Why obesity drugs may be a new blockbuster pharma category
Morgan Stanley Research09/13/22
Summary: Innovative treatments, policies, and physician engagement could help the market for weight-management medicines reach $54 billion in the next decade.
For decades, obesity has been viewed—and treated—mainly as a symptom of lifestyle choices. Diet, exercise, and surgical intervention were the only options for addressing the condition and its associated health risks, such as heart disease.
But with a greater understanding of obesity’s root causes, it is now classified medically as a chronic disease. This shift has helped spur new research into developing treatments, including a range of next-generation medications to manage weight, thereby preventing the illnesses that obesity causes.
“We believe the treatment of obesity is on the cusp of moving into mainstream primary care management,” says Morgan Stanley equity analyst Mark Purcell.
That means obesity treatment could quickly become a top-12 global therapy—growing from a $2.4 billion category in 2022 to $54 billion by 2030, according to Morgan Stanley Research.
“The clear precedent for investors,” Purcell says, “is treatment for high blood pressure, which went from a nascent category in the 1980s to a $30 billion market in the 1990s.”
Morgan Stanley Research expects the market for obesity drugs to reach $54 billion by 2030.
Source: Morgan Stanley Research Estimates
New studies are helping make the case for weight-management as a focus of treatment. For example, one landmark obesity study due by the middle of 2023 is designed to show that weight-management medicines reduce the risk of heart attacks, strokes, and cardiovascular deaths by 17% or more.
“We would expect positive data to be incorporated into US treatment guidelines no later than the end of 2023,” says Purcell. This could lead to a significant increase in both the development and prescription of obesity medications.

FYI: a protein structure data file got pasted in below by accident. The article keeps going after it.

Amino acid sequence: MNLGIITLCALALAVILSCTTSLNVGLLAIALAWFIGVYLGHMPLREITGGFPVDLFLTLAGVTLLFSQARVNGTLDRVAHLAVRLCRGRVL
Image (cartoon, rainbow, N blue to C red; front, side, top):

A market built on perception and policy changes
The sector growth also hinges on the broader acceptance of obesity as a chronic disease, rather than a consequence of lifestyle choices. Doctors and policymakers would then see the need to treat obesity directly, as the upstream cause of many serious illnesses. Likewise, patients may be more likely to talk to their doctors about seeking obesity treatment as drugs become available.
Currently, though more than 650 million people globally are clinically obese, only about 7% are diagnosed and recommended for medical treatment. By contrast, other chronic conditions, such as diabetes, have 80% to 90% treatment rates.
Purcell and team think that 25% of the patient population classified as obese will use medicine to actively manage their weight by 2035.
Along with the availability of new medicines, policies to make them affordable should also help boost both the number of people seeking treatment and the number of prescribers. In the US, for example, policy efforts have included a bipartisan effort to expand Medicare coverage to the screening and treatment of obesity with FDA-approved medicines from a diverse range of healthcare providers who specialize in obesity care.
As the market for anti-obesity and weight-management drugs develops, investors might look to established large-cap pharmaceutical companies that have new medicines in trials, as well as other large-cap pharma companies with approved treatments for cardiometabolic diseases, as these companies may seek to develop their own weight-management drugs.